Former Falcons offensive coordinator Greg Knapp dies from injuries

Atlanta Falcons quarterbacks coach Greg Knapp works with Matt Ryan during team practice on Tuesday, June 5, 2018, in Flowery Branch.
Caption
Atlanta Falcons quarterbacks coach Greg Knapp works with Matt Ryan during team practice on Tuesday, June 5, 2018, in Flowery Branch.

Credit: Curtis Compton

Credit: Curtis Compton

Former Falcons offensive coordinator Greg Knapp died Thursday as a result of injuries suffered in a bicycle accident Saturday. He was 58.

Knapp’s agent Jeff Sperbeck confirmed the news to Mike Klis on Denver television’s 9NEWS. The Falcons also confirmed the news.

“Today at 11:32 am PST, Greg Knapp (aka Knapper) was called back home to Heaven, where he will be reunited with his Dad,” Sperbeck said, via a tweet from Klis.

Knapp was struck by a car in California and was in critical condition.

Knapp coached in the NFL for 23 seasons with seven teams, including two stints with the Falcons. He served as offensive coordinator from 2004-06 and quarterbacks coach from 2018-20. He helped the Falcons get to the NFC title game with Michael Vick at quarterback after the 2004 regular season.

A statement from Falcons owner Arthur Blank read: “On behalf of the entire Atlanta Falcons organization, I extend our deepest condolences to the family and many friends of Coach Greg Knapp and wish them peace at this very difficult time. He was a tremendous football coach who achieved at the highest levels of our game, but more importantly he was a wonderful person who had the love, admiration and respect of those who were blessed to work with him. He was always a positive presence with the Falcons and carried that optimistic spirit with him each day while working with our coaches, players and staff on and off the field. He will be deeply missed.”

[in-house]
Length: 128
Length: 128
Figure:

Knapp most recently was the passing-game specialist for the Jets. He also worked for the Broncos, 49ers, Raiders, Seahawks and Texans. He was one of several Falcons assistants not retained with the hire of new coach Arthur Smith before Knapp joined the Jets.

The Broncos issued a statement that read, in part: “We’re heartbroken by the sudden, tragic passing of former Broncos QB Coach Greg Knapp. We will all remember ‘Knapper’ for his kindness, humor and fun-loving approach to life. We’re sending our deepest condolences to the entire Knapp family.”

Clancy Barone, the Bears tight ends coach, called Knapp his best friend in the coaching profession. He posted on Twitter: “Great friend for 40 years. College teammate. Best friend in the coaching profession. We always made sure our lockers were next to each other during our coaching journey ... including 2 Super Bowls!!! Knapper … one of a kind in more ways than we can count. Rest In Peace.”

Knapp was hit in the city of San Ramon, in the San Francisco Bay Area, on Saturday.

The accident occurred around 3 p.m., and the driver involved was cooperating with the investigation. A preliminary investigation showed drugs or alcohol did not appear to be a factor in the crash, Lt. Tami Williams of the San Ramon Police Department told The Associated Press.